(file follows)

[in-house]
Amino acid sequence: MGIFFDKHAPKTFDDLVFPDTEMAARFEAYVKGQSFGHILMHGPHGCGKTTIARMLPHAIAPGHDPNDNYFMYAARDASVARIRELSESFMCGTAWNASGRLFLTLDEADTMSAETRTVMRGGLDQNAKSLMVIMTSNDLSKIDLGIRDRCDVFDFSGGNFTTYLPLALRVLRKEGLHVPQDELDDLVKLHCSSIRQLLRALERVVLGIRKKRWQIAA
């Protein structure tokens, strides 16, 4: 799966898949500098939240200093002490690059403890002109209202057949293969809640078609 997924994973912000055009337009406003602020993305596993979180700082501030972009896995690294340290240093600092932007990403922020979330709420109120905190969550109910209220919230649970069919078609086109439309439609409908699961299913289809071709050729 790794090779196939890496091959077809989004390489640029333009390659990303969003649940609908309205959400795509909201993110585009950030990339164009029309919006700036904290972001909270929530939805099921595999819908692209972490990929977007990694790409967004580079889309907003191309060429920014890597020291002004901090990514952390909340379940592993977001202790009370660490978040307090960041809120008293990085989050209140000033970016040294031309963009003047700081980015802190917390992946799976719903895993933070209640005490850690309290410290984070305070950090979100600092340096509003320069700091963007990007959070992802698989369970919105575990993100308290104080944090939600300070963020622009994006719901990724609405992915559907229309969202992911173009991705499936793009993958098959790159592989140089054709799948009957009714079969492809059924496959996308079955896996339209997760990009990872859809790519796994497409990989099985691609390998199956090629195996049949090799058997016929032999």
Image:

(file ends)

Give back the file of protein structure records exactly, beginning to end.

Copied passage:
[in-house]
Amino acid sequence: MGIFFDKHAPKTFDDLVFPDTEMAARFEAYVKGQSFGHILMHGPHGCGKTTIARMLPHAIAPGHDPNDNYFMYAARDASVARIRELSESFMCGTAWNASGRLFLTLDEADTMSAETRTVMRGGLDQNAKSLMVIMTSNDLSKIDLGIRDRCDVFDFSGGNFTTYLPLALRVLRKEGLHVPQDELDDLVKLHCSSIRQLLRALERVVLGIRKKRWQIAA
């Protein structure tokens, strides 16, 4: 799966898949500098939240200093002490690059403890002109209202057949293969809640078609 997924994973912000055009337009406003602020993305596993979180700082501030972009896995690294340290240093600092932007990403922020979330709420109120905190969550109910209220919230649970069919078609086109439309439609409908699961299913289809071709050729 790794090779196939890496091959077809989004390489640029333009390659990303969003649940609908309205959400795509909201993110585009950030990339164009029309919006700036904290972001909270929530939805099921595999819908692209972490990929977007990694790409967004580079889309907003191309060429920014890597020291002004901090990514952390909340379940592993977001202790009370660490978040307090960041809120008293990085989050209140000033970016040294031309963009003047700081980015802190917390992946799976719903895993933070209640005490850690309290410290984070305070950090979100600092340096509003320069700091963007990007959070992802698989369970919105575990993100308290104080944090939600300070963020622009994006719901990724609405992915559907229309969202992911173009991705499936793009993958098959790159592989140089054709799948009957009714079969492809059924496959996308079955896996339209997760990009990872859809790519796994497409990989099985691609390998199956090629195996049949090799058997016929032999």
Image: